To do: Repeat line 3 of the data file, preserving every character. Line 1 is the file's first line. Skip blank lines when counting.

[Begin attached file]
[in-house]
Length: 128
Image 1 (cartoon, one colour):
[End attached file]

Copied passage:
Image 1 (cartoon, one colour):